# Benchmarking deserealising of ints from byte arrays

I was reading Dan Lemire’s post about uint deserialisation and wanted to give it a go myself. I ran a few benchmarks and here’s what I learned.

tl;dr: Use raw bytes if you need some speed. Use `unsafe` if you need some extra speed, but beware, this may bite you.

## Prep

I first wrote a bit of setup in Go. I’m going to generate 8192 random numbers and serialise them into a byte array.

``````package bench

import (
"bytes"
"encoding/binary"
"log"
"math/rand"
"testing"
"unsafe"
)

var n int
var arr []byte
var nums []uint32

func init() {
n = 1024 * 8
arr = make([]byte, n*4)
nums = make([]uint32, n)
for j := 0; j < n; j++ {
rnd := rand.Int31()
nums[j] = uint32(rnd)
binary.LittleEndian.PutUint32(arr[4*j:4*(j+1)], uint32(rnd))
}
}
``````

## Benchmarks

First, I’ll just read the bytes directly, since I know at which offset I can find each number. I allocate one array of uints and then deserialise one by one.

``````func BenchmarkReadBytes(b *testing.B) {
for it := 0; it < b.N; it++ {
bnums := make([]uint32, n)
for j := 0; j < n; j++ {
bnums[j] = binary.LittleEndian.Uint32(arr[4*j : 4*(j+1)])
}
}
}
``````

Results?

``````BenchmarkReadBytes-4           	  100000	     21295 ns/op
``````

### Preallocating our array

Next, I’ll do the same thing as above, but I’ll preallocate the array where I save my uints. The rationale here is that you have a stream of incoming data, but you only work with a chunk of them at a time, so you can afford to allocate the array once and reuse it.

``````func BenchmarkReadBytesOneAlloc(b *testing.B) {
bnums := make([]uint32, n)
for it := 0; it < b.N; it++ {
for j := 0; j < n; j++ {
bnums[j] = binary.LittleEndian.Uint32(arr[4*j : 4*(j+1)])
}
}
}
``````

Results?

``````BenchmarkReadBytesOneAlloc-4   	  100000	     14871 ns/op
``````

### Reading bytes, not allocating anything

Now let’s say we’re yet again doing the same thing, but we’re not saving our new uints, we’re using them outright. Here I’m summing them, just so that the compiler doesn’t optimise this all away.

``````func BenchmarkReadBytesNoAlloc(b *testing.B) {
for it := 0; it < b.N; it++ {
var sum uint64
for j := 0; j < n; j++ {
sum += uint64(binary.LittleEndian.Uint32(arr[4*j : 4*(j+1)]))
}
}
}
``````

Results?

``````BenchmarkReadBytesNoAlloc-4    	  200000	      9353 ns/op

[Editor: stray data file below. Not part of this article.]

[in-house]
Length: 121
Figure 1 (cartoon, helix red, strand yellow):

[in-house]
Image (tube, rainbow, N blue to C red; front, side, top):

``````

Another third off, so we’re at 2X performance at this point.

### Using `io.Reader`

Go offers a popular Reader interface, which allows you to chain readers, add buffering and other high level nice things. But what’s the performance penalty here?

``````func BenchmarkReaderAll(b *testing.B) {
for it := 0; it < b.N; it++ {
bnums := make([]uint32, n)
if err != nil {
log.Fatal(err)
}
}
}
``````

Results?

``````BenchmarkReaderAll-4           	   10000	    204548 ns/op
``````

Similar to Dan Lemire’s results, this abstraction is 10 times slower than the byte reader above.

### `io.Reader` with a twist

Here I’m using `io.Reader` again, but I’m deserialising the uints one by one while reusing a byte buffer for each number. I’m guessing that `binary.Read` above creates new buffers for each element in that slice.

``````func BenchmarkReaderManual(b *testing.B) {
for it := 0; it < b.N; it++ {
bnums := make([]uint32, n)
buf := make([]byte, 4)
for j := 0; j < n; j++ {
if n != 4 {
log.Fatalf("not enough bytes read, got %d, expected 4", n)
}
if err != nil {
log.Fatal(err)
}
bnums[j] = binary.LittleEndian.Uint32(buf)
}
}
}
``````

Results?

``````BenchmarkReaderManual-4        	   20000	     58058 ns/op
``````

Whoa, 70% off that `io.Reader` + `binary.Read` implementation, all thanks to reusing of an intermediate buffer?

### `io.Reader` and no allocations

Similarly to the raw bytes readers above, we’re now not saving these uints at all, we’re just reading them one by one.

``````func BenchmarkReaderNoAlloc(b *testing.B) {
for it := 0; it < b.N; it++ {
buf := make([]byte, 4)
var sum uint64
for j := 0; j < n; j++ {
if n != 4 {
log.Fatalf("not enough bytes read, %d", n)
}
if err != nil {
log.Fatal(err)
}
sum += uint64(binary.LittleEndian.Uint32(buf))
}
}
}
``````

Results?

``````BenchmarkReaderNoAlloc-4       	   30000	     53272 ns/op
``````

About a 10% improvement, not as great as earlier, but not too shabby either.

### Casting

When you look at it, those bytes are the exact binary representation of your uints, you’re just copying stuff over and adding some metadata on top. Surely you could just tell Go “hey, these are actually uints, not bytes”. So let’s.

``````func BenchmarkCast(b *testing.B) {
for it := 0; it < b.N; it++ {
narr := *(*[]uint32)(unsafe.Pointer(&arr))
narr = narr[:n]
}
}
``````

Results?

``````BenchmarkCast-4                	2000000000	         0.48 ns/op
``````

Yeah, well, this is doing barely anything, so it’s understandable, that you could do this 2 billion times. Per second.

Caveat: here I’m assuming that the producer and consumer have the same architecture, so while with the solutions above, you could potentially tweak the endianness settings, this solution does not give you that luxury and you may end up reading garbage.

## Conclusion

While there is tons of conventional wisdom about performance, it’s always good to benchmark things yourself. I was quite glad to see that operating on raw bytes is quite fast and in combination with the `binary` package it’s quite safe as well. And sure, there’s still the lightspeed option of casting that array, but that’s usually not an option, since the underlying byte array tends to change (e.g. in a buffered read from a file), so we’re just asking for trouble there.

All of the results in one place:

``````\$ go test --bench .
goos: darwin
goarch: amd64